I’ve been patient with “The Walking Dead,” suffering through frustration, unnecessary drama, stolid, seemingly aimless plot devices, and a frustrating series of unfocused storylines. Through all of that, I’ve been patient.
That patience paid off in episode 10, “Triggerfinger.” It was, quite plainly, exactly what I’ve been looking for in “The Walking Dead,” and was reminiscent of what made the first season far superior. Ppicking up immediately after the abrupt and gripping conclusion of “Nebraska,” we saw how a fully realized world gone mad begins to truly manifest itself. It’s not just the walkers — it’s never been just the walkers. It’s the rest of the world, it’s the other survivors who are willing to do just as much — if not more — than you think you’re willing to do in order to live. The taut, fearsome battle that Rick, Glenn and Hershel were swept up in was a nightmare of tension and dread. Strangers with guns threatening to surround them, walkers swarming like ravenous, mindless ants, it propelled them into action and created a whole new threat in one fell swoop.
Yet at the same time, it wasn’t just a gunfight, it was a window into each character opening up. It showed us that Hershel is more than a piously sanctimonious dogooder, that Glenn is more (or perhaps less?) than a sweet young boy who is sent on fetch missions, and that Rick, when his hand is forced, will make the hard decisions, even when doing someone a kindness. Do you question the decision to rescue their attacker? Of course you do, and you should — but what made the whole event so riveting is that they questioned that decision as well, in the midst of the chaos of gunfire and undead madness.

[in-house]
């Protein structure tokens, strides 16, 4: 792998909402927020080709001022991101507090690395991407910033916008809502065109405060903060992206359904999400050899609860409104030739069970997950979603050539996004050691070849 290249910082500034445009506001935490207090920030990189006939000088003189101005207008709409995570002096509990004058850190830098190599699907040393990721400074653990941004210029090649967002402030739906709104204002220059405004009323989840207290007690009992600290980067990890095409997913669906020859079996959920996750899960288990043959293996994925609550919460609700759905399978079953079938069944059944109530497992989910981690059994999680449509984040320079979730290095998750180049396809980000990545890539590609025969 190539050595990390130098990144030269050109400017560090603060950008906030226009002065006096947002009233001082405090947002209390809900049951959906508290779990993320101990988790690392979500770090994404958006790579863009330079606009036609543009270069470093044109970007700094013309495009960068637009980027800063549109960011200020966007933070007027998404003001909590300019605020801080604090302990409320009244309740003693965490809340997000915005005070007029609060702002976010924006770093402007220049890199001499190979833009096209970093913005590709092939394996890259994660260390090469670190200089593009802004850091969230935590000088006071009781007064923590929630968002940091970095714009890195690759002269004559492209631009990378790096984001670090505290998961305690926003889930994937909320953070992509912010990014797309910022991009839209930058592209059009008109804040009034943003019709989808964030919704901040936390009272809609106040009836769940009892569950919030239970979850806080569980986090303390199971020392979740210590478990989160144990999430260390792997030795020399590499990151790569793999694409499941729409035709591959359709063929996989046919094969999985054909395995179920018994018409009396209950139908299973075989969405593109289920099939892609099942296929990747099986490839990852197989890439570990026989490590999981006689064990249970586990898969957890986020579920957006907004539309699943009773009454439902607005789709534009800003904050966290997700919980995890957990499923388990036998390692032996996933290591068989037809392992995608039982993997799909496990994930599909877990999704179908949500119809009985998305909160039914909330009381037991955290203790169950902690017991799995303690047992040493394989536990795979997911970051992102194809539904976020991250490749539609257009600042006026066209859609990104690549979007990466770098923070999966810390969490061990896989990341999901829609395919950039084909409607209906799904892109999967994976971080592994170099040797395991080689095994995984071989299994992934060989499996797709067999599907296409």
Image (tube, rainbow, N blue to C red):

That scene left me exhausted.
As for Lori, I still think the writers’ decision to make her frantic running out was a terrible one, but if it was done for no reason other than to a) expose more of the darkness in Shane, and b) to give us that utterly fantastic scene where the zombies are converging on the car, then well, perhaps I can forgive them. Because first of all, the zombies laying siege to her overturned car was one of the hands-down most intense and horrifying scenes that the show has had. Secondly, it created a series of events that flowed smoothly and organically, scenes that lead us to see the crazy dancing behind Shane’s eyes, and that will inevitably lead to some sort of reckoning.
This was one of the rare episodes where everyone acquitted themselves well. Glenn and Maggie’s heartbreaking conversation, Maggie’s short and controlled fury with Hershel, Andrea’s confusion about how to deal with Shane — and her surprisingly sharp assessment of not his ideas, but his execution — all of these were handled skillfully and in completely believable ways. And the saga of Daryl and Carol was finally fulfilling on both sides. Daryl, like Shane, is dancing with madness, but that of a different sort. He’s on the edge of either regaining his status as one of the group’s steadfast defenders, or going completely off the reservation and ending up in Heart Of Darkness territory. But what was the most refreshing was seeing Carol finally begin to act like a human being, and not a sad sack of patheticness. She took on Daryl, and maybe she faltered a bit, but she held his gaze and she didn’t back down. She thinks Daryl was right — she should have taken care of her loved ones, and maybe that’s what she’s doing now.
The series has finally gained some much needed momentum, and there are a series of long-festering issues that are threatening to rupture, spilling turmoil and quite possibly blood in their wake. The long-held secrets are out now — about Shane and Otis, about Rick and Lori and the baby, about everyone, and what’s left is to deal with the bitter truths about these companions. Of course, in the meantime, the walkers seem to be massing. And there are others out there, who will inevitably come to seek shelter and supplies, but also to avenge their dead. I can only hope the show can maintain this level of intensity as it flies towards these conclusions.